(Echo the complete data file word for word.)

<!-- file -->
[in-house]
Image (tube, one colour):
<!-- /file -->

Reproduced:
[in-house]
Image (tube, one colour):